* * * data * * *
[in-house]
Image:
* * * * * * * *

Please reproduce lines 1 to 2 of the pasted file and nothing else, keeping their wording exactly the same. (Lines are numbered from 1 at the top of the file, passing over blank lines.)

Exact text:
[in-house]
Image: